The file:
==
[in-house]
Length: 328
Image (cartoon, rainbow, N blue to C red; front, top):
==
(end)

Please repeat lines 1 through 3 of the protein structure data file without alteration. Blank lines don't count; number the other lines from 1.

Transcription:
[in-house]
Length: 328
Image (cartoon, rainbow, N blue to C red; front, top):